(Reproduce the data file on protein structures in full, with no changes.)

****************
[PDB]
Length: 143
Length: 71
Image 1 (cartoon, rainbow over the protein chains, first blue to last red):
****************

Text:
[PDB]
Length: 143
Length: 71
Image 1 (cartoon, rainbow over the protein chains, first blue to last red):